Different Rub

It’s always a treat when a band writes a song where they sound nothing like themselves. A lot of times, examples of these can be found on bands’ first albums, where the group is still testing out their sound, and the freedom of experimentation is a little more abundant than it might be on later releases. One of my favorite examples is “Chest Fever” by The Band, which, with its outrageous synth intro and surreal lyrics, is one of the legendary band’s weirdest songs. Some bands include an oddly-chosen cover song for their debut, like The Clash, whose version of “Police & Thieves” foreshadows the heavy reggae influence that they would later exhibit more explicitly.

Every once in a while, though, a song will show up on an album that totally sticks out against the group’s established sound. Sometimes it will be a move in a more commercial direction (like “Our House” from Madness‘ fourth album), or a brief return to their earlier sound (the original intention of The BeatlesGet Back project). What makes those songs particularly special is how they often strongly contrast the sound that a particular band has, by then, worked hard to uphold. So you may be asking yourself (especially when you hear one of these oddball songs for the first time), why wouldn’t the band just make music like that all the time if they sound so good doing it this once?

I considered that question when I recently saw Antony & The Johnsons at the Keswick Theatre. Naturally, a lot of the set was devoted to material from the terrific new album, The Crying Light, as well as songs from their acclaimed breakthrough, 2005’s I Am A Bird Now. I’ll admit that while I really like the band’s music, it’s not exactly what you’d call ‘rocking.’ Most of Antony‘s songs are piano-based, highly personal ballads that are often accompanied by his multi-instrumental ensemble. One of the songs they did (“Shake That Devil” from the Another World EP), though, morphed from the moody template they had set up through the first half of the performance into a Motown-evoking call-and-response raver in The Yardbirds sense. Okay, so it may not have been “Over, Under, Sideways, Down,” but that’s besides the point. My concert buddy, Josh Pincus, was generally nonplussed by Antony and his emotions, however I did catch him tapping his feet during the momentary lapse of gloom.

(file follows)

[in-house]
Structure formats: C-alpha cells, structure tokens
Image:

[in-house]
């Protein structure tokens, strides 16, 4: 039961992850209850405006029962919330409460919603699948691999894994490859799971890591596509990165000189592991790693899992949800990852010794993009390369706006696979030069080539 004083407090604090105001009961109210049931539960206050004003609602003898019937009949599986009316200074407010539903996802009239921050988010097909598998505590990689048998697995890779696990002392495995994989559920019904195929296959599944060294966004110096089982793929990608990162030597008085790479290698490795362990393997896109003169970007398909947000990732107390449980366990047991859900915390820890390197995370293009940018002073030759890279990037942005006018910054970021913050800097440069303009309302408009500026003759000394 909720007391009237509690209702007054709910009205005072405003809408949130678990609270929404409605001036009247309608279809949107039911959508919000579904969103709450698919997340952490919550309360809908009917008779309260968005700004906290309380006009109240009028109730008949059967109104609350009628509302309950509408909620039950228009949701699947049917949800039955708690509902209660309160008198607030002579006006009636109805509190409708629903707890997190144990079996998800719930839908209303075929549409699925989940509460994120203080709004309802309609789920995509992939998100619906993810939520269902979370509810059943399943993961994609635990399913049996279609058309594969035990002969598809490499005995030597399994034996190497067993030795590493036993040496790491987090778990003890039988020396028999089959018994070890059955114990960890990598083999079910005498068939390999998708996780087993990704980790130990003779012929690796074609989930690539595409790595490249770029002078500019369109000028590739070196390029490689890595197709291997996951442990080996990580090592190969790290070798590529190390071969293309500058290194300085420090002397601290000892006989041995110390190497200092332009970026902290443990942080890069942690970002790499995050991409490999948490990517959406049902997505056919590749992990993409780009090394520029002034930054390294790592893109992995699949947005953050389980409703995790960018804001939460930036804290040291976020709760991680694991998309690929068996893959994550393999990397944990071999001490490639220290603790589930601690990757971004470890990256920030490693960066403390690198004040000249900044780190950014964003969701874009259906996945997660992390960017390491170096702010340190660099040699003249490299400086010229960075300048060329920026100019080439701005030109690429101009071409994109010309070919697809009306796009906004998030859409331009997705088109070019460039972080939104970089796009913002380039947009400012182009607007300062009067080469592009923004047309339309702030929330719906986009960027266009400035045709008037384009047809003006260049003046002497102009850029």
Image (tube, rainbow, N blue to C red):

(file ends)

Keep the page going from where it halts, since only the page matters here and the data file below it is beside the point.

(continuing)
Listening back to the studio version of “Shake That Devil,” I find that it certainly is a standout track because, while it is undeniable a product of the band that performed it, it’s hardly an accurate representation of their work. I’m under the impression that, if you look deep enough, just about every band has a song in their catalogue that doesn’t really sound like them (heck, even Sparks have one: the big band send-up “Looks, Looks, Looks”). But before you petition your favorite band to make music that sounds like that one great track, consider that it’s the context that makes that song so wonderful. If all of Antony‘s stuff was upbeat and bluesy, “Shake That Devil” wouldn’t be nearly as enjoyable. Also, no one’s going to buy an album full of genre-jumping experimentation. Or maybe they already have

You can read my buddy John V.‘s full review of the concert (with pictures) here

Antony & The Johnsons perform “Shake That Devil” from Another World EP (2008)

E.

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~ by E. on February 5, 2009.

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